“That is the reason judicial activism is extremely popular with certain elites and why they encourage judges to think it the highest aspect of their calling. Legislation is far more likely to reflect majority sentiment while judicial activism is likely to represent an elite minority’s sentiment. The judge is free to reflect the ‘better’ opinion because he needs not to stand for re-election and because he can deflect the majority’s anger by claiming merely to have been enforcing the constitution. Constitutional jurisprudence is myste­rious terrain for most people, who have more pressing things to think about. And a very handy fact that is for revisionists.”

Take, for example, the present composition of the Supreme Court. As Justice Scalia points out in his dissent: “This Court … consists of only nine men and women, all of them successful lawyers who studied at Harvard or Yale Law School. Four of the nine are natives of New York City. … Not a single south-westerner … Not a single evangelical Christian (a group that comprises about one-quarter of Americans), or even a Protestant of any denomination.

“The strikingly unrepresentative character of the body voting on today’s social upheaval would be irrelevant if they were functioning as judges … But of course the judges in today’s majority … say they are not. And to allow the policy question of same-sex marriage to be considered and resolved by a select, patrician, highly unrepresentative panel of nine is to violate a principle even more fundamental than no taxation without representation: ‘no social transformation without representation’.”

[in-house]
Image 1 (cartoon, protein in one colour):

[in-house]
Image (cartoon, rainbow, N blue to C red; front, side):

Chief Justice Roberts comments: “There will be consequences to shutting down the political process on an issue of such profound public significance. Closing the debate tends to close minds. People denied a voice are less likely to accept the ruling of a court on an issue that does not seem to be the sort of thing courts usually decide.”

I am convinced that history will prove him right.

In Obergefell a majority of five unelected lawyers put a stop to the democratic process by removing an important issue from the realm of democratic deliberation. This is why Justice Alito was so correct to state that such an exercise of raw judicial power “usurps the constitutional right of the people to decide whether to keep or alter the traditional understanding of marriage … It evinces … the deep and perhaps irremediable corruption of [the American] legal culture’s conception of constitutional interpretation.”

Dr Augusto Zimmermann is Law Reform Commissioner, Law Reform Commission of Western Australia, Senior Lecturer in Legal Theory and Constitutional Law, Murdoch Law School, former Associate Dean (Research) and Director of Postgraduate Studies at Murdoch, President of the Western Australian Legal Theory Association, and Professor of Law (Adjunct) at Notre Dame University, Sydney.